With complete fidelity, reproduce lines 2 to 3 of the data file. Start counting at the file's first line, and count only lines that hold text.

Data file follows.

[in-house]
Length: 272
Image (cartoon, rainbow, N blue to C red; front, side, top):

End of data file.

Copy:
Length: 272
Image (cartoon, rainbow, N blue to C red; front, side, top):